Some westerners here, long sheltered and favored by Libyan leader Muammar Qaddafi, were ordered tonight to begin immediately moving into evacuated Army camps that could be the targets of U.S. military action, according to European business managers.
It was not clear how extensive the moving orders were or to how many groups they apply, but they came less than 24 hours after an announcement by Qaddafi that such relocations were to be undertaken. No Americans working here were available for comment tonight.
In another development, diplomatic and church sources today revealed the disappearance and apparent arrest on Thursday of the Italian Catholic Bishop of Libya, together with three priests and a nun in the town of Benghazi, about 400 miles east of Tripoli.
[In Rome, the incident was confirmed Sunday by the Italian Foreign Ministry and church sources, United Press International reported. The sources said the five were seized by revolutionary guards, youthful militiamen loyal to Qaddafi.]
Earlier in the day, diplomats had tended to dismiss as rhetoric Qaddafi's statement that foreigners would be moved. But tonight, they were working late at their embassies and either refused to comment on any aspect of the situation or professed ignorance of it.
European managers told reporters privately tonight that they had been summoned by revolutionary committee members, the zealous vanguards of Qaddafi's revolutionary regime, and told to begin moving their employes immediately.
One Scandinavian businessman, who asked not to be identified by name when he talked to a reporter immediately after meeting with the revolutionary committee members, said, "We don't know what we're going to do, but we're stalling for time."
Qaddafi said yesterday that there are about 15 military bases already evacuated by the armed forces. The businessman here confirmed that the nominal reason for the move was to do "maintenance work" on the bases.
[Syria and Iran pledged Sunday to back Libya in its confrontation with the United States, Deutsche Presse-Agentur reported. A Syrian spokesman was quoted as saying the United States "has to realize it will not be the winner as a result of this aggression, but rather the greatest loser."]
According to church sources, Bishop Giovanni Martinelli, 42, and the others -- monks from the Philippines, Malta and Poland and an Italian nun -- were taken from the Franciscan Order's convent and residence in Benghazi, where they were sleeping, at about 11 p.m. on Thursday.
Their absence, a priest here said this afternoon, was not noticed until worshipers came for mass on Friday and found no one to conduct the service. Their rooms apparently had been ransacked at the time they were taken, this priest said.
There are about 100,000 Catholics in the country, most of them expatriates, including Filipino laborers.
There has been no official acknowledgment by the government of the detention and no hint of the motive, but the priest here said Libyan authorities have told church officials that the five members of the clergy are being held in a villa near Benghazi and treated well.
Initially, church officials were told the group would be released on Saturday, but they remained in custody tonight.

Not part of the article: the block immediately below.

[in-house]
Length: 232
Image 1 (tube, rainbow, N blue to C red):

One Middle Eastern diplomat who closely follows developments in Libya's internal politics said tonight that he believed detention of the bishop may be part of a power play at this delicate moment by the revolutionary committees and guards.
About 1,000 Americans are still here, by most estimates, despite an order by President Reagan, first issued in 1981 and strongly repeated in January, that they should leave. About 8,000 Italians are in the country, together with 5,000 British citizens and about 2,500 West Germans and French.
Most were attracted by the high pay offered for their services in the oil industry and Qaddafi's various development schemes. Living in comfortable compounds, they have been well treated throughout the crisis of the last few months, and many said that they had nothing to fear from Qaddafi's government.
The Libyan leader has said repeatedly that he would not harm any Americans working here.
Qaddafi's philosophy of government, blending anarchist rhetoric and police state tactics, encourages zealots in the revolutionary committees and groups of revolutionary guards to take justice and sometimes policy into their own hands. In 1984, student committee members hanged several of their classmates in front of the student body on the university campuses here and in Benghazi.
The frictions between the guards and the regular Army often have been high. The murder in November of Hassan Ishkal, a senior Army officer close to Qaddafi, was believed by several diplomats to be a crucial moment in the showdown.
According to the Middle Eastern envoy's analysis, the revolutionary guards were seen as overplaying their hands by murdering a figure so close to Libya's leader, and a member of his own tribe. As a result, their power began to wane.
Now, as Libya faces the possibility of a serious military confrontation with the United States, the Army's professionalism and expertise is more needed than ever and its power, as a result, is perceived as increasing.
The detention of the priests and the role the committees are taking in pushing foreign employes to the military bases may be an attempt to reassert their authority, according to this reading of the situation.
It comes as the United States and Libya are locked in a diplomatic struggle following in the aftermath of their military confrontation in the Gulf of Sidra, the bombing of a TWA airliner and the bombing of a Berlin discotheque frequented by U.S. soldiers, which the United States has blamed on Libya.